Bill stopped in unexpectedly just as Cindy was getting ready to go out. What was he doing home at that hour? “Shouldn’t you be at work?” she asked. He looked like he’d had an accident.
“Oh, I got a flat on the way to work. Had to get out and fix it.” He changed his pants, standing in the bedroom looking ridiculous in his socks and shirttails. “Hey, want a quickie?” he grinned. She snapped something about getting her hair messed and stalked out.
She waited by the foot of the stairs, tapping her heels on the marble floor. It echoed. “I want a word with you about one of your drivers,” she started. “To begin with, he asked me to sleep with him at the company party last year.” She told him about the shipment of Mexican pottery he’d brought in for her, entirely without paperwork. (She couldn’t tell him about the truckload of illegals brought along to make sure nothing got broken. He could figure out that part for himself.) Then she battered him with Allen’s failure to drive Mom off the road, as if he were an employee. “I even paid him money to run my Mom over, but he failed at that, too.” Who the hell was Allen?
He hadn’t reached the office before he’d told Security to take the driver’s badge. Nobody was working for Cindy. Everybody was working for him. He ran a major empire and she treated him like he couldn’t deliver her paper right. “You’re not man enough,” she’d spat at him. Bill decided to do something about Mom. Just to show that bitch how it was done.
Cindy had palpitations from confronting Bill. She sat in the kitchen with another cup of coffee and tried to salvage what she could of her day. The front door bell rang. Cindy never answered the door. When she checked after an hour had passed, she found a plastic grocery bag on the porch. She peered into it to see a stupid snow angel craft project like they used to have to do in girl scouts. Hideous, dripping with hardened glue and flaked-off glitter. Some gift. She got on the Internet, looked up her sister Judy’s Facebook page, and left a nasty comment about Judy’s primitive artistic talent.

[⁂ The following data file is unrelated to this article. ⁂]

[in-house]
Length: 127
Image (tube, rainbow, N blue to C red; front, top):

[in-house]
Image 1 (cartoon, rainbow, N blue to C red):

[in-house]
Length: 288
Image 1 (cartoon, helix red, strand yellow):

She found a stick and used it to put the bag into the garbage. Right on top of a bunch of discarded bills. She looked closely. Receipts from a jewelry company. A fur company. Settlement statements from the stock broker’s. Cancelled checks made out to cash.
Cindy left the house already on the edge. She downed some valium to keep herself sane, and paid extra attention to the sloppy way she was driving. She was feeling pretty sick, and thought maybe she should be in bed. But, nah. She made her way to her neighborhood, to her house, like she was sleepwalking, not paying any attention to the traffic, the landmarks, the turns. It was like coming home. It was just like coming home. There was the old swingset, there was the dog house. That dog had been dead for twenty years. There was her bike that Judy had stolen and Rick had gotten run over by the milkman. Cindy shook her head to clear the cobwebs. She was parked across the street from the house where she grew up. Tears were streaming down her cheeks. She was wearing a sky-blue silk suit with matching pumps and bag.
Cindy had a gun. It just fit into the bag. She’d been practicing with it, without actually firing a shot. Just pointing and clicking it. She never missed when she practiced. Especially when she was looking at certain people’s pictures.
Parked at the curb in front of her mother’s house, Cindy drew the gun from her bag. She had to struggle when it caught on the zipper. She had no idea what a safety catch was. She wasn’t paying attention.
She’d seen Mom moving in the living room, behind the lace curtains. Was she pacing? Was she vacuuming? Was she dancing?
Shaking, Cindy pressed the switch and her window rolled down. Her hands trembled as she reached out of the car, aiming the gun at the shadowy figure moving inside the house. She squeezed the trigger, the gun felt like it exploded. Her ears rang with a dead noise and burnt powder filled her nose. One shot? Another? Did she empty the gun? She wasn’t sure.
Cindy was back in her driveway before she wondered why she’d gone out of the house without any makeup on.
* * *